A New Blood Test Finds Mom-to-Be’s Preeclampsia Risk Early
It only affects 5 to 7 percent of pregnancies in the United States each year, but preeclampsia is a major issue. This cardiovascular disorder is typically detected later in pregnancies (after week 20), and occurs when you have a combination of high blood pressure and protein in your urine. It can have some pretty serious consequences for mom and baby, such as liver and kidney failure, seizures, even death. It also increases the lifetime risk of heart attack, stroke and diabetes. But a new blood test may be able to reveal your risk for preeclampsia as early as six weeks into pregnancy.
Researches at the University of Iowa have determined that elevated secretion of arginine vasopressin (AVP) — a hormone that helps the body retain water and constrict blood vessels — can be an early sign of a preeclamptic pregnancy. But to examine AVP secretion, they looked at a more stable biomarker called copeptin. Using samples from the Maternal Fetal Tissue bank, researchers found that copeptin levels were significantly higher throughout the preeclamptic pregnancies than in control pregnancies. And this can be determined by week six of pregnancy.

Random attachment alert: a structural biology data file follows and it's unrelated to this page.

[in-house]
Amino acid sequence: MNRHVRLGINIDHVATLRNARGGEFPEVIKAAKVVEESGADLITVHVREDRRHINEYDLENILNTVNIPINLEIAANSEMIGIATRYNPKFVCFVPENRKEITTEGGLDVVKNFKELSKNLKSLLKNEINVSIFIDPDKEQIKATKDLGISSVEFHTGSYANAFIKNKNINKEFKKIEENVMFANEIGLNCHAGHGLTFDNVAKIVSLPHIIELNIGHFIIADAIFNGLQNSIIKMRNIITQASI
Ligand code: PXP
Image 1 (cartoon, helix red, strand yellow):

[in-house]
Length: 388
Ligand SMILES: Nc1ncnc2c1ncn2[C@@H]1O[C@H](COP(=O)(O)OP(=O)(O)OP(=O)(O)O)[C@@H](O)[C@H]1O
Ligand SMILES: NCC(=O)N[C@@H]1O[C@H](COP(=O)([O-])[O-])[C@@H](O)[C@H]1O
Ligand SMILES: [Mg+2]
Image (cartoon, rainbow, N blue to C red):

Knowing about preeclampsia still can't prevent it. But women will be able to clarify whether ailments like swelling, blurry vision, headaches and abdominal pain are just standard pregnancy symptoms, or preeclampsia red flags. They can also be transferred to hospitals that offer the appropriate level of medical care, including high-level NICUs.
"The only thing you can do to protect a baby and a mother from some of the negative effects of preeclampsia is to deliver the baby, and most of the time that results in a preterm birth," says researcher Mark Santillan, M.D.
If researchers find that copeptin levels are also elevated in urine, women will be able to test for preeclampsia with an at-home kit.
Would you test early for preeclampsia knowing that there's still no cure?